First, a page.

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General Cooking (rec.food.cooking) For general food and cooking discussion. Foods of all kinds, food procurement, cooking methods and techniques, eating, etc.

KFC 9.99 bucket



 
 
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  #1 (permalink)  
Old 09-10-2008, 04:54 AM posted to misc.consumers.frugal-living,rec.food.cooking
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Posts: 213
Default KFC 9.99 bucket

How much would the raw chicken cost you at regular supermarket
prices? At sale prices? Assume you cook regularly and have all the
other stuff necessary for fried chicken so their cost is minor.
Ads
  #2 (permalink)  
Old 09-10-2008, 07:47 AM posted to misc.consumers.frugal-living,rec.food.cooking
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Posts: 1
Default KFC 9.99 bucket

James wrote:
How much would the raw chicken cost you at regular supermarket
prices? At sale prices? Assume you cook regularly and have all the
other stuff necessary for fried chicken so their cost is minor.


Healthwise, you would do much better to bake or roast your
chicken for better flavor, reduced fat and carbs.

We pay a high price for our highly processed food in the
name of saving time and a few cents.

-- larry/dallas
  #3 (permalink)  
Old 09-10-2008, 08:12 AM posted to rec.food.cooking
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Posts: 2,012
Default KFC 9.99 bucket

"larry" ha scritto nel messaggio
...
James wrote:
How much would the raw chicken cost you at regular supermarket prices?


Healthwise, you would do much better to bake or roast your chicken for
better flavor, reduced fat and carbs.

We pay a high price for our highly processed food in the name of saving
time and a few cents.

-- larry/dallas


Home fried chicken once in a while is my friend. I don't understand how OP
expects anyone to know how much that bucket weighs, let alone how much it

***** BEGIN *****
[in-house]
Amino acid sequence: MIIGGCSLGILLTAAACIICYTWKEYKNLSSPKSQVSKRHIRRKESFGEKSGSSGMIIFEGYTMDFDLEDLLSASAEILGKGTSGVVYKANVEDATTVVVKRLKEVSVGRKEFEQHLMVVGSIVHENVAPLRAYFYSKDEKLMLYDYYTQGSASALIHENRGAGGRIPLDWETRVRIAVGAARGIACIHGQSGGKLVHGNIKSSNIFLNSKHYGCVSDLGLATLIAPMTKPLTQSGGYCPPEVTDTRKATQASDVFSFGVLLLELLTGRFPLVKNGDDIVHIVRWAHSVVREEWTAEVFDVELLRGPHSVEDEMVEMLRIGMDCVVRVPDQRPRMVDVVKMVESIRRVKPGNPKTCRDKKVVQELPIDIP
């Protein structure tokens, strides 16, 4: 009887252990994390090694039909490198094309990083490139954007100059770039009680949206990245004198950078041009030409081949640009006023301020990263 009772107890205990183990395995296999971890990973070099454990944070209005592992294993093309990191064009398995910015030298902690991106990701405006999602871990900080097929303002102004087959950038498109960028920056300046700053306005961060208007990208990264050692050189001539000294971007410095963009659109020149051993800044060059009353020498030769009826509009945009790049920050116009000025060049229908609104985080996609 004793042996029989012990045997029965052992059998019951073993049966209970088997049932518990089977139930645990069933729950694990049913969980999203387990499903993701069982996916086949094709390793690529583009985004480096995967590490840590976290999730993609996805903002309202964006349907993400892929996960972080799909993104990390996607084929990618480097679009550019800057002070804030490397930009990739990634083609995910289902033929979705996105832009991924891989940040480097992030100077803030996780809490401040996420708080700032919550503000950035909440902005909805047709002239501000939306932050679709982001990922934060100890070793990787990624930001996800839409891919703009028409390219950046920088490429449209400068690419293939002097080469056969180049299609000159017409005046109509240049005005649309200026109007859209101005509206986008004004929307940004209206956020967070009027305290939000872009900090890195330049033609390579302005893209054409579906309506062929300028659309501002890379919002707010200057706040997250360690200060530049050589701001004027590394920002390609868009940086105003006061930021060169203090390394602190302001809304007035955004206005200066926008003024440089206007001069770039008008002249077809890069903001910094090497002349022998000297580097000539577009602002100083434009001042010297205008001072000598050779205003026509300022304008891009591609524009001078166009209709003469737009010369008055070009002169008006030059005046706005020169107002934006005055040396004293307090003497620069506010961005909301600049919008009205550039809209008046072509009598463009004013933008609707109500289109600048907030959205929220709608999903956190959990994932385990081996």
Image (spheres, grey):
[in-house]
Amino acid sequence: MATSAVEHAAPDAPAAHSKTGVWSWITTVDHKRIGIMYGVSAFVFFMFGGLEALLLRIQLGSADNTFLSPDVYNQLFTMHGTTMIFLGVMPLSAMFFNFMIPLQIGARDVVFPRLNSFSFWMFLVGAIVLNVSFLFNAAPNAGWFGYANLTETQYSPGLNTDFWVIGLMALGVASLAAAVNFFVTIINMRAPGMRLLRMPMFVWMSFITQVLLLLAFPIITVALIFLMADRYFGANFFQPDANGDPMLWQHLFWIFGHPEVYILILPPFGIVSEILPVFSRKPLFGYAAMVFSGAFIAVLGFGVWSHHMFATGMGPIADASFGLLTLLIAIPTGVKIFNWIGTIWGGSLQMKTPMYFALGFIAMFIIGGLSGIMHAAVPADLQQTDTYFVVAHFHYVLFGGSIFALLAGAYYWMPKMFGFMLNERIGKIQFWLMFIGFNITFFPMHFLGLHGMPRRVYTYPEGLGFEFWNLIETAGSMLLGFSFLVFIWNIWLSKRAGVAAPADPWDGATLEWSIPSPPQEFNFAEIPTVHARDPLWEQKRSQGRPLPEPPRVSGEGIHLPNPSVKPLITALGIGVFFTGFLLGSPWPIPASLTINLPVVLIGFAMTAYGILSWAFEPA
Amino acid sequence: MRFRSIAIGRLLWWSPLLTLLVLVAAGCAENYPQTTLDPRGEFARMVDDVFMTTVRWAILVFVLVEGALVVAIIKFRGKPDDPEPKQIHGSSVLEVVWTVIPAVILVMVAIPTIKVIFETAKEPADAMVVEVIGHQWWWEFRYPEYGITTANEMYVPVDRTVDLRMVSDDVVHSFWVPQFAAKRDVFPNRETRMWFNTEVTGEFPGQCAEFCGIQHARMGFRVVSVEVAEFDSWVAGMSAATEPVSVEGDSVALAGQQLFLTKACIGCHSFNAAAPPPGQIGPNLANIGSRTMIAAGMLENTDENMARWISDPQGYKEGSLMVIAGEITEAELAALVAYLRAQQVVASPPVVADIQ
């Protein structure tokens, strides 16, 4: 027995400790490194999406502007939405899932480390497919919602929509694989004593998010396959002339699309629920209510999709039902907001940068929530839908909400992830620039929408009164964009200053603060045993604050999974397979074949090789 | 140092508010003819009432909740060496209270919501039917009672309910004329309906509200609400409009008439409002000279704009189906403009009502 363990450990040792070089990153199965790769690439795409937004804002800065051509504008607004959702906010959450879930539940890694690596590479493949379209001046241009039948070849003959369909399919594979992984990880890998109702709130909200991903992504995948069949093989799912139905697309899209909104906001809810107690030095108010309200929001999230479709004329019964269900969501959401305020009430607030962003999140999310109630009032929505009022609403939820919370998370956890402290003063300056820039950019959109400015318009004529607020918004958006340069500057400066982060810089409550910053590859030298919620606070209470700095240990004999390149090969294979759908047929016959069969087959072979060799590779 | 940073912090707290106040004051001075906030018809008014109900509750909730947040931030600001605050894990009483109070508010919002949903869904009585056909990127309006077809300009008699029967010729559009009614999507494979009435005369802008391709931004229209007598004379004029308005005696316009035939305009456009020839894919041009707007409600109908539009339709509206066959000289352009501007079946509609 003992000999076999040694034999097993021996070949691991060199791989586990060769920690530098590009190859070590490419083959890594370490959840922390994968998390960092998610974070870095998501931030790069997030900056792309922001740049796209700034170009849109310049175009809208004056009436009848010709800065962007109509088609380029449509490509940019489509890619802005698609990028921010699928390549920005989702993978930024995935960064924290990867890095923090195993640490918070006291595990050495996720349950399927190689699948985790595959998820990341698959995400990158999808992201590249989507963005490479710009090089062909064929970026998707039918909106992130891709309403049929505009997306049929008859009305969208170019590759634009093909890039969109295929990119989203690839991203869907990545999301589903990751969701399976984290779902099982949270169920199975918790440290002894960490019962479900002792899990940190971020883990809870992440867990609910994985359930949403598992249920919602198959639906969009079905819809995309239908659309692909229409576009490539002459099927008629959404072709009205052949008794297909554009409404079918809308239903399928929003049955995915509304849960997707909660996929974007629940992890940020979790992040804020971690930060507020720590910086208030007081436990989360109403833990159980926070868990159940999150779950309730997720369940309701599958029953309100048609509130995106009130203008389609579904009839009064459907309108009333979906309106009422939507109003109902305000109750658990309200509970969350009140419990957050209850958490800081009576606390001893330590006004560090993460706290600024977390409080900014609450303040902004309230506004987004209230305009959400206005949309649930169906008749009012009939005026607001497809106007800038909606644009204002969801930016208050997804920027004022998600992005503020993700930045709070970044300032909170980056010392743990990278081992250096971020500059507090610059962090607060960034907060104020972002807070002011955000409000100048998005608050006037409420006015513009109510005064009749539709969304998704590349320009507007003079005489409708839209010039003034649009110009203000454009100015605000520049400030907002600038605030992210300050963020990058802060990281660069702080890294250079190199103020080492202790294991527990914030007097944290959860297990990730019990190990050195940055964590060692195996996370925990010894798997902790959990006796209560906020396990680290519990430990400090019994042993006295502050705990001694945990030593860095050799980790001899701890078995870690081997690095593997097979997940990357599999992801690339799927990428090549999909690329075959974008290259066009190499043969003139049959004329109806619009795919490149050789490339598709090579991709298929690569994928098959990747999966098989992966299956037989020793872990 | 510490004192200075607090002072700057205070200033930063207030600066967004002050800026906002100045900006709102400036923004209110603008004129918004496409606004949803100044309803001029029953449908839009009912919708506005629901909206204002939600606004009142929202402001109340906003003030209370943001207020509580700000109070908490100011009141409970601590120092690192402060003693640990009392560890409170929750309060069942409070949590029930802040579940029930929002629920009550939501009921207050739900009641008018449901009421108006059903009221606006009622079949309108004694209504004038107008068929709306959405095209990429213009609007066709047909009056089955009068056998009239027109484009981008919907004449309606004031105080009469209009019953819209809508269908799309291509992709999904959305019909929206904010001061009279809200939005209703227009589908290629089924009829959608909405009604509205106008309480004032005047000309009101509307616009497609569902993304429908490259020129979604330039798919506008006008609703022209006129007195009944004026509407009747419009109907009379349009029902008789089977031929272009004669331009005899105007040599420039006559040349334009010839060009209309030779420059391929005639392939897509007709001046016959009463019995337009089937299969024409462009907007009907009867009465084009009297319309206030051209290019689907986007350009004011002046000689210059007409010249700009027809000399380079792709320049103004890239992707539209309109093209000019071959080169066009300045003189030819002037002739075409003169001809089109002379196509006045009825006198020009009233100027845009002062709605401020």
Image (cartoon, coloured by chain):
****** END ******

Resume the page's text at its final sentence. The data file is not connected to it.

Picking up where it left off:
weighed before cooking. I am positive the information isn't on the package.
I wouldn't even know which pieces were in it, so if I copy it, do I cook the
wings and back or not?


  #4 (permalink)  
Old 09-10-2008, 10:57 AM posted to misc.consumers.frugal-living,rec.food.cooking
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Posts: 2,799
Default KFC 9.99 bucket


"James" wrote in message
...
How much would the raw chicken cost you at regular supermarket
prices? At sale prices? Assume you cook regularly and have all the
other stuff necessary for fried chicken so their cost is minor.


Cost is about the same as if you compared it to the chicken dinner at a nice
restaurant for $19 a plate. What is the point? You pay for convenience.
Whole chicken is 99 a pound regularly.


  #5 (permalink)  
Old 09-10-2008, 01:09 PM posted to rec.food.cooking
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Posts: 17,957
Default KFC 9.99 bucket

James wrote:
How much would the raw chicken cost you at regular supermarket
prices? At sale prices? Assume you cook regularly and have all the
other stuff necessary for fried chicken so their cost is minor.


[cross-posting snipped]

About $4 USD for a whole chicken. Pennies for the oil and breading/batter
for frying. KFC is no bargain and doesn't even taste good.

Jill

  #6 (permalink)  
Old 09-10-2008, 01:16 PM posted to misc.consumers.frugal-living,rec.food.cooking
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Posts: 17,957
Default KFC 9.99 bucket

Edwin Pawlowski wrote:
"James" wrote in message
...
How much would the raw chicken cost you at regular supermarket
prices? At sale prices? Assume you cook regularly and have all the
other stuff necessary for fried chicken so their cost is minor.


Cost is about the same as if you compared it to the chicken dinner at
a nice restaurant for $19 a plate. What is the point? You pay for
convenience. Whole chicken is 99 a pound regularly.



You must admit 99 cents a pound sounds rather deceptive since I've never
actually seen a 1 lb. chicken for sale Okay, cornish hens weigh a pound
or so but they aren't nearly as inexpensive as a whole chicken, poundage
wise. Publix has chicken leg quarters on sale for 59 cents/lb right now.
That's the cheapest I've seen them in a long time.

Jill

  #7 (permalink)  
Old 09-10-2008, 01:20 PM posted to misc.consumers.frugal-living,rec.food.cooking
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Posts: 3,653
Default KFC 9.99 bucket

jmcquown wrote:

You must admit 99 cents a pound sounds rather deceptive since I've